Chasing down history: Wiggins' Tour quest

Story highlights

  • The Tour de France is an annual cycling race which was first held in 1903
  • The 99th edition of the race began on June 30 and will finish on July 22
  • American cyclist Lance Armstrong won the race seven times between 1995-2005
  • Bradley Wiggins is the current leader and looking to become Britain's first winner

It has been a bittersweet month for British sport. Andy Murray's bid to become the nation's first Wimbledon men's singles champion since 1936 was derailed, while the England football team suffered penalty-shootout heartache at the recent Euro 2012 tournament.

But across the channel there is one Briton at the forefront of his sport who, through a series of peerless performances, is in line to become the UK's first Tour de France winner.

Bradley Wiggins, with his mutton-chop sideburns and slim physique, does not instantly come across as an elite athlete.

But the Sky Procycling rider is dominating the 2012 Tour de France, picking up the first stage win of his career between Arc et Senans and Besancon with an astonishing display of power to open up a lead of one minute, 53 seconds over second-placed defending champion Cadel Evans.

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"It is Bradley Wiggins' Tour de France to lose," according to former British cyclist and now commentator Paul Sherwen, who made his debut in the race in 1978.

"He could have been on the podium last year and he crashed out on stage seven. This year he got the yellow jersey on stage seven."

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Wiggins finished the 2009 race in fourth position, equaling the best finish by a British rider -- first achieved by Scotland's Robert Millar in 1984.

His preparation for the 99th edition of the Tour has been both impressive and meticulous, and has left nothing to chance.

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Earlier this year, the Belgium-born rider became the first man to win the Paris-Nice, Tour de Romandie and Criterium du Dauphine stage races in the same season, while also embarking on a number of high-altitude training camps to prepare his body stands for the rigors of the French cols in the Alps and the Pyrenees.

"There's a long way to go," Sherwen told CNN ahead of Thursday's 10th stage. "We've seen 20 riders leave the Tour through injury, I have never seen that before.

"Hopefully all the bad luck and bad crashes are behind the Tour, and hopefully Bradley won't have any."

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If Wiggins wanted an example of just how quickly a challenge in the prestigious race can unravel, he need look no further than the first Briton to wear the "maillot jaune," Tommy Simpson.

The charismatic Simpson, who raced for Peugeot and could on occasion be seen carrying a cane umbrella when he wasn't on a bike, was sixth after the first week of the 1967 race but a stomach bug hindered his challenge.

Simpson, the victim of heat exhaustion and amphetamines taken to enhance performance, died on the slopes of Mount Ventoux in southern France, during the 12th stage of the 1967 race.

Half a century later British cycling is in a very different place, with its riders no longer having to go abroad in search of a professional racing career.

And the team that Wiggins cycles for -- The Sky Procycling team -- is now the dominant force at the Tour, having been established in the wake of Team GB's success at the 2008 Olympics. Sky's lineup includes the sport's top sprinter Mark Cavendish as well as Wiggins' heir apparent Chris Froome, who is third on the Tour.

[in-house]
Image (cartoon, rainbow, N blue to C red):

Gold medals from Wiggins in the 4km individual pursuit and the team pursuit on the track in Beijing propelled Britain to the top of the cycling medal table four years ago.

British Cycling performance director Dave Brailsford formed the country's first professional team in 2009 and Sky Procycling made its Tour de France debut in 2010.

"Up until recently, we had to expatriate ourselves to race professionally," explained Sherwen. "Live on our own, survive on our own and ride as part of a French, Italian or Belgian team.

"Nowadays, the Americans have professional teams, we've now a got a British team on the international circuit and the Australians have got their own professional team.

"It gives youngsters something more to aim at. I'm not saying it's easier, but, in English soccer, you've got Chelsea, Manchester United and Liverpool and you can dream of playing for one of those teams as a kid.

"Now kids riding their bikes in England can dream of getting into a professional team and getting into the Tour de France. It's an attainable dream."

Brailsford's plan was to produce a British Tour winner within five years, though. Wiggins could be set to deliver ahead of schedule.

"The perception of Team Sky is very good," said Sherwen. "They are already comparing it to Lance Armstrong's U.S. Postal Service Team (with which he won five of his seven Tour de France wins between 1999 and 2004.)

"Sky made mistakes originally, but they have learned from those mistakes and corrected them."

After the culmination of the Tour on Paris' Champs Elysees on July 22, Wiggins will turn his attention to a home Olympic Games in London where he will compete in the time trial event.

A historic win in France could provide Wiggins, British cycling and the nation's sports fans with a timely boost ahead of London's third Olympic Games.

"If Bradley could win the Tour de France this year it would be absolutely huge," said Sherwen.

"If he could win the Tour in an Olympic year, with the Games being in London, it would double or even treble cycling's exposure."